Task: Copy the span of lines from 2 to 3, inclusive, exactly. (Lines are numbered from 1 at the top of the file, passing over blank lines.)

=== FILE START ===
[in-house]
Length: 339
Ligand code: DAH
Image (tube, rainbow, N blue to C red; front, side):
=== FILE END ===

Length: 339
Ligand code: DAH